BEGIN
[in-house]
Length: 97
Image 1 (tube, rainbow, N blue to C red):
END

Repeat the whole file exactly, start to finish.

[in-house]
Length: 97
Image 1 (tube, rainbow, N blue to C red):